HSE Plan Nine Regional Authorities

A new structure of up to nine regional health authorities is to be created by the Health Service Executive (HSE) as part of a strategy to streamline the way it operates.

Managers of smaller, general hospitals will report to local health managers, who in turn will report to a regional manager.

The State's larger hospitals, which offer tertiary specialist care to patients, are likely to report to a single national director rather than a regional manager.

It is also likely the Liffey will no longer be used as a dividing line for Dublin's hospital services and that a single region for the capital will emerge.

The HSE is said to be sensitive about the creation of eight new regions, as this would equal the original number of health boards, but sources have said the exact number of regions and the specific areas covered by each will be announced by Christmas.

However, the division of responsibilities in each region is not expected to be decided in advance of further discussions within the HSE.

According to a draft document that has been reviewed by The Irish Times, three new senior managers - a director of planning, a director of integrated care and a national director of clinical care and quality - would report directly to the HSE's Chief Executive.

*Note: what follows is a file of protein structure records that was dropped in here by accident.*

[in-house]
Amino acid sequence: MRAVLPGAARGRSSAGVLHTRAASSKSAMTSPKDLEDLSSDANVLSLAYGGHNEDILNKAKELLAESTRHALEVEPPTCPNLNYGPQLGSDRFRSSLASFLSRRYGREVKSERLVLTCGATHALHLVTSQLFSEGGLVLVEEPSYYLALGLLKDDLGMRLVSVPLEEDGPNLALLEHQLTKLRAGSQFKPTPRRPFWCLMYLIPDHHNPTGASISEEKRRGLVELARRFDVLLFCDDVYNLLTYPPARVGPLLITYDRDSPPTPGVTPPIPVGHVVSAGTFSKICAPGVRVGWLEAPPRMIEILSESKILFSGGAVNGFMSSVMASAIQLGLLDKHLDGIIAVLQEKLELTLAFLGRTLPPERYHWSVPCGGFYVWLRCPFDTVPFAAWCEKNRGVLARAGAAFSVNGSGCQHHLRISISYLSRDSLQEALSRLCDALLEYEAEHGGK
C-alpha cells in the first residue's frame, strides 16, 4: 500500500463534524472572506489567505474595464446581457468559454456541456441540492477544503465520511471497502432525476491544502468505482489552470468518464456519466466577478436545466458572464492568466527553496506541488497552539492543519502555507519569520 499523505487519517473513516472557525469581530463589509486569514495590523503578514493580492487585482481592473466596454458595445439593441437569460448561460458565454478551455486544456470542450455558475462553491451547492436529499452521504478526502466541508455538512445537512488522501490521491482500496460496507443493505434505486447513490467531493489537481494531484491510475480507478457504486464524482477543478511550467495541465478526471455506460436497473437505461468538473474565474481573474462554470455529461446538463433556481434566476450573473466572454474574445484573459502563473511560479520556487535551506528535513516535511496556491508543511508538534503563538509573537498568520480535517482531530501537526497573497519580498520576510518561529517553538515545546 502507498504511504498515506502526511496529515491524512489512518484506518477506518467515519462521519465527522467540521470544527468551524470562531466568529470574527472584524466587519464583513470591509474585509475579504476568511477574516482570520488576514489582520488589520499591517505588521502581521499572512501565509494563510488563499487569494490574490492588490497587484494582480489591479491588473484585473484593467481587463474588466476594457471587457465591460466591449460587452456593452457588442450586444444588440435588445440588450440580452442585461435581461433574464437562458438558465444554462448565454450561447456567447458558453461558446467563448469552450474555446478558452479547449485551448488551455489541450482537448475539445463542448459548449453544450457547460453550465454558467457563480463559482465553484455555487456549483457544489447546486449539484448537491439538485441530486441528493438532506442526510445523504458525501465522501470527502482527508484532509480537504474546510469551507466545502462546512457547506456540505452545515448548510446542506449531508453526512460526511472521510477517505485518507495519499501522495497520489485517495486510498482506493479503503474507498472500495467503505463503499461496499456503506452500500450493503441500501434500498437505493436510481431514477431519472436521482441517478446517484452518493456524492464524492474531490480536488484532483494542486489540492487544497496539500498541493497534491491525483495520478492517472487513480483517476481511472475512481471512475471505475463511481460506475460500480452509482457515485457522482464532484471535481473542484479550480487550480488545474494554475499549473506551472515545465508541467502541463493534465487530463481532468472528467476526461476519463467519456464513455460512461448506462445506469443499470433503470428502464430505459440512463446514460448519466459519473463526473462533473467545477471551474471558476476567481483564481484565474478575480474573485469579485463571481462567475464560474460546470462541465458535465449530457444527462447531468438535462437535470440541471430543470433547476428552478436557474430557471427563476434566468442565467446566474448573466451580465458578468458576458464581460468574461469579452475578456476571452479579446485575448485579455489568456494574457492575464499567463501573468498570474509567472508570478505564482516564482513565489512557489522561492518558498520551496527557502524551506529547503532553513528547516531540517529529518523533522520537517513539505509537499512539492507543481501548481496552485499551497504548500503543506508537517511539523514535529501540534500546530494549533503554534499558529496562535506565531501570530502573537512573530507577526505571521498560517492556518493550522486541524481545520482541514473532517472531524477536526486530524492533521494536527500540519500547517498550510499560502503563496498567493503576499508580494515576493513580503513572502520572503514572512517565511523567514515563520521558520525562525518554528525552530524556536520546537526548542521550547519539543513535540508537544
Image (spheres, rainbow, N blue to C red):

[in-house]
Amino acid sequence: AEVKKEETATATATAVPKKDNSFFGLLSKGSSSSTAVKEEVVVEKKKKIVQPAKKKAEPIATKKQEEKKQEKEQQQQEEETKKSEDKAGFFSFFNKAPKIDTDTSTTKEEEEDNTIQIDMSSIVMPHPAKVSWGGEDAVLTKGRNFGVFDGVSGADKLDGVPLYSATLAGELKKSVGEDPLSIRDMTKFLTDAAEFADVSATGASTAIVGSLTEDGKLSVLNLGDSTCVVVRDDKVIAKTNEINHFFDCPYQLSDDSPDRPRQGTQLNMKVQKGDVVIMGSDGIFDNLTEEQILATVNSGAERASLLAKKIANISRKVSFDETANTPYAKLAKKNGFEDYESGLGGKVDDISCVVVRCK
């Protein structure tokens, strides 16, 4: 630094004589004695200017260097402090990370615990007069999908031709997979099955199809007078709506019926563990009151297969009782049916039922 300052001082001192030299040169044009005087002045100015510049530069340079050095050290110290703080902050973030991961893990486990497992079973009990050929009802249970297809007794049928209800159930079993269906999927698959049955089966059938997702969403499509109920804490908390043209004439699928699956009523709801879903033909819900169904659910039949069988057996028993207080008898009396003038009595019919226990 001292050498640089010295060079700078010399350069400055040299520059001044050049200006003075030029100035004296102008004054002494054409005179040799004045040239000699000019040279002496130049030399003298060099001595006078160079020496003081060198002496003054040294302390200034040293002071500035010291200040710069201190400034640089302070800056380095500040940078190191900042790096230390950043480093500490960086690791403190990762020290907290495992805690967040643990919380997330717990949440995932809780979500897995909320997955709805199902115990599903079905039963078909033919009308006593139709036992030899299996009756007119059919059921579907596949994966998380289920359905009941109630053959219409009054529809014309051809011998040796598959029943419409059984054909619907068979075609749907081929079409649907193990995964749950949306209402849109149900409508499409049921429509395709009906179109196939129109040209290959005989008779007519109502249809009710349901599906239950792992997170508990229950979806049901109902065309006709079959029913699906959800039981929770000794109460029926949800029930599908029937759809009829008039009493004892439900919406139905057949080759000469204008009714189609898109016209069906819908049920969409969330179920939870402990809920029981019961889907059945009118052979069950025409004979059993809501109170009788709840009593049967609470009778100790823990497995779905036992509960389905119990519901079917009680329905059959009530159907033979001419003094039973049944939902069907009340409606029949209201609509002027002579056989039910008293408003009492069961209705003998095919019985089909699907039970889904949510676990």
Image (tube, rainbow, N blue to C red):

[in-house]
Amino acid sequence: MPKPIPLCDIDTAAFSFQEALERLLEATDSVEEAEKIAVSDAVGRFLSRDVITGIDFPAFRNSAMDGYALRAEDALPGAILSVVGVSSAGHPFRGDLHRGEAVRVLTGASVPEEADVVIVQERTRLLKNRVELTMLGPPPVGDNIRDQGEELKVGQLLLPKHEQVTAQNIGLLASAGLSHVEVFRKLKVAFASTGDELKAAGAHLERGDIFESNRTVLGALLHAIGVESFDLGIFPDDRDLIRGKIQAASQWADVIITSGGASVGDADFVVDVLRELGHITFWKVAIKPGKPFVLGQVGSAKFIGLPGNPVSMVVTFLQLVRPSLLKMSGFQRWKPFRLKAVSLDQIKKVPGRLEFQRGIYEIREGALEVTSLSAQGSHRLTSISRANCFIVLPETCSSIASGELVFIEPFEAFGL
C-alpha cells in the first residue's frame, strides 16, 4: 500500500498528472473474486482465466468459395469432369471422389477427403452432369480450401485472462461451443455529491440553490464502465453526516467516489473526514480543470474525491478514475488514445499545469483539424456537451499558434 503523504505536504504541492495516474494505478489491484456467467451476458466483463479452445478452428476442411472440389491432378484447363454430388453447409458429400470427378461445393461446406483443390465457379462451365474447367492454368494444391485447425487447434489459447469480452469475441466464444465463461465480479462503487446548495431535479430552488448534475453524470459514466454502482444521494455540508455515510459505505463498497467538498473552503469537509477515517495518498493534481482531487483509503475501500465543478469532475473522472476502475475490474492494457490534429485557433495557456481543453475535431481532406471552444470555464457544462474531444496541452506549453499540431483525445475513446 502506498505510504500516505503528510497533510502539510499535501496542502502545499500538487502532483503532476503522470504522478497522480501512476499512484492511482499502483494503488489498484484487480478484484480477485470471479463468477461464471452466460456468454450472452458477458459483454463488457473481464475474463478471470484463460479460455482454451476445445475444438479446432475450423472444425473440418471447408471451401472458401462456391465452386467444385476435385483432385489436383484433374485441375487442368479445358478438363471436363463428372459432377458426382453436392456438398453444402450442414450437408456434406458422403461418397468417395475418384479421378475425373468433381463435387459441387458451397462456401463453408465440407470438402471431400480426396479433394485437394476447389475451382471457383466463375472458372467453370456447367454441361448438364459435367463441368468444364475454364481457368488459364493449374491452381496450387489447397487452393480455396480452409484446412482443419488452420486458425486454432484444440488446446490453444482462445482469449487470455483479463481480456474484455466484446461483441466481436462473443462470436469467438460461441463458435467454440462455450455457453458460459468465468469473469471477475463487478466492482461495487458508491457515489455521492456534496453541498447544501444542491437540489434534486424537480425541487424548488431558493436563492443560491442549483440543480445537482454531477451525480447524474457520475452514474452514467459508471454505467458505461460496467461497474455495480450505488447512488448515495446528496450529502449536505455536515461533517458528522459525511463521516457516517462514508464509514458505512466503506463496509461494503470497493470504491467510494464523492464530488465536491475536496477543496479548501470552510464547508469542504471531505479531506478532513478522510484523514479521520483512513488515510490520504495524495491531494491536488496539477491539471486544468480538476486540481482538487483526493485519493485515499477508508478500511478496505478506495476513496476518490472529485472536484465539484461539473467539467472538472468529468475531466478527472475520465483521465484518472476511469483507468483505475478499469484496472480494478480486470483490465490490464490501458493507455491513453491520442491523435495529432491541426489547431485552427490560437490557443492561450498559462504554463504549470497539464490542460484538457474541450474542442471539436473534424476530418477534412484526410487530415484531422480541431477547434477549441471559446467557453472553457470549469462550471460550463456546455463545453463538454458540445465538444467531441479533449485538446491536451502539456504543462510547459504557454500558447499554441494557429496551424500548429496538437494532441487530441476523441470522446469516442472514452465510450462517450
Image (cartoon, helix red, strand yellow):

The posts of national director for population health and national director of the office of the chief executive are to be abolished.

The head of integrated care, who will replace the directors of the national hospitals office and the primary, community and continuing care directorates, will oversee a network of between seven and nine regional managers.

With the national directorates of the HSE to be reduced from eight to seven, a redundancy programme announced in the Budget may focus on employees working in human resources, finance and information technology.

While some in the HSE see the changes as the key to rebuilding the health service around the patient and ending the perception of hospitals as the system's hub, some senior clinicians are concerned at the delay in creating a network of primary care services.

The news has been welcomed by a Letterkenny councillor who said that reports today relating to the setting up of nine new health authorities would essentially mean a reversal to the days of the old regional health boards.

Ciaran Brogan - who's a member of the HSE Regional West Forum - said it's a welcomed move.


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